In the same way, Jesus’ mundane occupation also needed explanation. If Jesus was a divine Messiah, why did he spend most of his life as a humble carpenter? Mark’s author actually feels the need to address this exact issue.
“Where did this man get these things?” the [crowd] asked. “What’s this wisdom that has been given him? What are these remarkable miracles he is performing? Isn’t this the carpenter? Isn’t this Mary’s son and the brother of James, Joseph, Judas and Simon? Aren’t his sisters here with us?” And they took offense at him.
Jesus said to them, “A prophet is not without honor except in his own town, among his relatives and in his own home.” (Mk 6:2-4)
In other words, here we have good evidence to believe that people in Jesus’ own family and those who knew him from his home town didn’t believe he was the Messiah because they knew him–they knew he was just carpenter. Mark’s author defends why this is so, but it’s almost impossible to believe he would have invented these facts if they were false. Even stronger evidence comes from Matthew. While the author copies the same passage almost word-for-word from Mark, he changes it to “Isn’t this the son of the carpenter?” (13:55) indicating that he found Jesus’ status as only a carpenter something to be embarrassed about.
Finally, that Jesus was a follower of John the Baptist was another major problem for early Christians. Josephus reports that John was a charismatic teacher who baptized crowds of people for the forgiveness of sins. “At that time,” the gospel of Mark adds, “Jesus also came from Nazareth in Galilee and was baptized by John in the Jordan” (1:9). Jesus remained as one of John’s followers for some time after his baptism (Mark 1:14). We know from Josephus and Mark that John was eventually imprisoned by King Herod (Mk 6:17-18). Only after John’s imprisonment did Jesus take over John’s message, which makes it clear that Jesus was continuing John’s mission. Even more clear is that Jesus and John both were preaching the same gospel: “Repent for the kingdom of God is near” (Mk 1:15). Mark even reports that many people including Herod actually mistook Jesus for John (6:16, 8:28).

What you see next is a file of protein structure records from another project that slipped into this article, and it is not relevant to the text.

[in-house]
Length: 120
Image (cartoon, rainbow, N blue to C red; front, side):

But these events were embarrassing for Christians. If Jesus’ central message was messianic in nature, why was he so easily confused with John? Why were their “gospels” the same? Why did Jesus wait until after John’s imprisonment to begin teaching? More embarrassing still, Jesus’ baptism by John not only shows that Jesus was John’s follower rather than vice-versa, but also that Jesus had sins to be forgiven. Matthew’s author proves how embarrassing it was to the Church by copying Mark’s baptism passage word-for-word, but having John insist that Jesus baptize him (3:14), which totally inverts the implied meaning of the Mark passage. Worse, it contradicts earlier accounts that indicate John didn’t believe (or realize) Jesus was the Messiah (Mt. 11:3, Lk 7:18-23).
There are, of course, many other examples of this criterion of dissimilarity, but these few examples should suffice to explain why I think it is highly likely that the Gospel authors didn’t invent the whole Jesus story. Other reasons to believe Jesus existed include Josephus’ accounts (maybe), Paul’s testimony that he met with Jesus’ disciples and his brother James who is also mentioned by Josephus, and the fact that it’s hard to imagine the movement progressing without a historical Jesus. None of these reasons are as strong, however, as the desperate attempts by biblical authors to fit the known facts with Christian beliefs.
Update: The Christian interpretation of John the Baptist presented in the Gospels–that he was “Elijah” who paved the way for Christ–isn’t likely since the Jewish historian Josephus gives John the Baptist higher prominence than Jesus, and John’s followers didn’t go away after his death (Acts 19:1-3).